The Federal Circuit reversed the lower court’s grant of summary judgment of no inducement to infringe, and in so doing, provided guidance on a long unsettled question as to the necessary showing to prove inducement.

    The Federal Circuit stated that since SUMCO had knowledge of the ‘302 patent, and “assuming that MEMC would be able to demonstrate that SUMCO had intent to induce the specific acts constituting infringement, intent additionally to cause an infringement can be presumed.” Furthermore, the Court found that evidence of SUMCO’s knowledge of Samsung Austin’s potentially infringing activities, and SUMCO’s providing of substantial technical support to Samsung Austin, was sufficient to show intent to encourage infringement for purposes of going forward with this evidence at trial. The court noted that “there is a lack of clarity [in its case law] concerning whether the required intent must be merely to induce the specific acts [of infringement] or additionally to cause an infringement.” Thus, although recognizing an unsettled area of the law, the Federal Circuit opined that if intent to cause an infringement must be shown, such intent can be presumed where the accused infringer had knowledge of the patent.

  5. There are a couple of relevant Israeli decisions to this discussion.

    Tschori vs. Regba (Apppeal to Israel Supreme Court 7614/96) deals with an unsuccessful attempt by a patentee for a method of flush mounting a kitchen sink to sue the importer of such sinks.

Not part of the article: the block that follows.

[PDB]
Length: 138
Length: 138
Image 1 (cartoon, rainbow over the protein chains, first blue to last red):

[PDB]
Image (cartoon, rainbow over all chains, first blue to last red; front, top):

Rav Bareach (Appeal to Israel Supreme Court 1636/98)deals with a three part device for crook-locking the steering wheel of a car, where patentee successfully sued importer of one part, the other two being widely available locally.

    I think both judges gave wrong verdicts.

    More generally, I think both cases could have been avoided with more intelligent claim drafting. I accept that hindsight is 20-20, but I often see claims drafted in such a way that noone entity could possibly infringe. This is often the case for internet type patents and business methods where the patentee sometimes has method steps in the same patent that are written from different points fo view, such as from viewpoint of the sender and the receiver.

    A final vinegrette: I drafted and obtained a patent for a flush mounted kitchen sink after Tschori See US 6,782,593

  6. I tried the link to Professor Lemley’s article, however, it did not work. Dennis, you may wish to check this out and confirm.

    My comment may be somewhat tangential, but Paymen Tech’s argument that On Demand is “pure dicta.” I seem to recall that there are two types of dicta, one given more deference than the other. While either one may not be considered “binding,” I was hoping someone could comment on this. Thanks.

  7. The two jury directions you quote do not say that that the joint effort has to be made knowing that the combined result will be a patent infringement. Parties can work together toward a common end without knowing that what the other party is doing. The jury instruction should say that each party has to know what the other was doing that is said to make up the infringement.